As a younger believer, I thought about this passage a lot. I wasn’t really sure of the whole miracle thing, and I thought maybe there could be a more human explanation for such a thing happening. Perhaps, the seven loaves were broken into itty-bitty pieces, and the sustenance was just enough to get all the people to their homes for a real meal. Or perhaps, only the really hungry people ate. Or perhaps the loaves were Guinness Book of World Records size and the fish were really whales. But none of these explanations really hold up.
In this time, a crowd would have been counted by the number of men present. In fact, when this story is relayed by Matthew in that book, it says, “Those who had eaten were four thousand men, besides women and children” (Matthew 15:38, NRSV). But besides feeding these 4000 men plus women and children, it says that the disciples collected seven baskets full of broken pieces that were left over. This debunks a couple of my rationalities. And we know that they weren’t just giant fish/loaves because Jesus held them and broke them—difficult to do with a whale, but then again, He’s Jesus! What we have here, plain and simple, is a miracle, witnessed by thousands and recorded in several different historical books.
But what strikes me in this is not only the miraculous feeding, but the abundance. “They took up the broken pieces left over, seven baskets full” (Mark 8:8, NRSV). Again, this is not a situation of God providing only the necessary amount to fill them up. It goes well above and beyond the provision necessary. All of the men, women, and children ate and were satisfied. But they also had left overs. And the amount left over is significant.
The number seven, in Jewish culture, was the number of perfection, the quintessential number of completion. Because of the story of creation, among other things, the Jewish people believed that the number seven represented rightness, sufficiency, excellence. The disciples, having collected seven baskets of leftovers shows abundance in God’s provision, but it also shows completeness, totality.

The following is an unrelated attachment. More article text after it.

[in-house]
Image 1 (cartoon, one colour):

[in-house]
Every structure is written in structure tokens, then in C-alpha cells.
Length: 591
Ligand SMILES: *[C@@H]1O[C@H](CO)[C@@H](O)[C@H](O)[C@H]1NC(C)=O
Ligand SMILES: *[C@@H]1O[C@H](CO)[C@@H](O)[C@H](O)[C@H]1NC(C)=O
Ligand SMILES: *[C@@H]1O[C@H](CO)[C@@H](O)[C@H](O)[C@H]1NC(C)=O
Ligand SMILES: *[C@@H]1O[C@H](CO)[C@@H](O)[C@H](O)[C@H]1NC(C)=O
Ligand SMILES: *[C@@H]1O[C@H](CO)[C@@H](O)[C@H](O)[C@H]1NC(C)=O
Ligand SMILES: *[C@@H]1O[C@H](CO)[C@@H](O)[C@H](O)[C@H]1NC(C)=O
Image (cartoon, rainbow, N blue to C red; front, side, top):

When we are talking about God’s provision, we find extravagance, not just sufficiency. It is like eating a watermelon at the top of a mountain peak—certainly not necessary, nor even reasonable or rational. It is extravagant.
That watermelon has become an analogy in my mind for how God has dealt with me. In seeking to be good stewards of our lives, I trust that God will ultimately provide. This upward focus of living in relation to God first and foremost is “upward stewardship.” Worrying not about money, but about the kingdom of God in the world, and allowing God to work miraculously and extravagantly in our lives has taught us a lot about who God is and how we should live in relation to Him.
There are times where I act more like the complaining Hebrews in the wilderness than I act like someone who is extravagantly provided for, but that does not change how God provides for us. Albert Einstein purportedly said, “There are only two ways to live your life. One is as though nothing is a miracle. The other is as though everything is.”
Be the kind of person who sees the blessings and lives gratefully. Be the kind of person who recognizes the holy in the commonplace.
An upward focus on God and a centeredness in scripture takes away the covetousness of this life and aligns us toward our Creator.
Activity: As you prepare a meal this week, think about how God provided for the 4,000. While you eat dinner, think about some of God’s physical provisions for you. Later, journal in response to a few of these questions: How has God provided extravagantly in your life? What does it look like to have a relationship with God? Where does stewardship start? How can you be a good steward of your relationship with Jesus?